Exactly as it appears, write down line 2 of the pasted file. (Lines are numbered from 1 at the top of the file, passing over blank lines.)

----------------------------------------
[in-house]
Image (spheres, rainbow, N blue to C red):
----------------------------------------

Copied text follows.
Image (spheres, rainbow, N blue to C red):